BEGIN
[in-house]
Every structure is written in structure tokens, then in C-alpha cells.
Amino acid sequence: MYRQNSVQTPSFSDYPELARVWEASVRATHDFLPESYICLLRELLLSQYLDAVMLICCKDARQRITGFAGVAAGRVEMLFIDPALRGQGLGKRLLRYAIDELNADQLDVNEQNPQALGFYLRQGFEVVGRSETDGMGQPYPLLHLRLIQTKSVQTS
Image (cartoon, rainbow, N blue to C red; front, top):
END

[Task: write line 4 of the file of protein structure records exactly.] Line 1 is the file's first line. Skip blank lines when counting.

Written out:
Image (cartoon, rainbow, N blue to C red; front, top):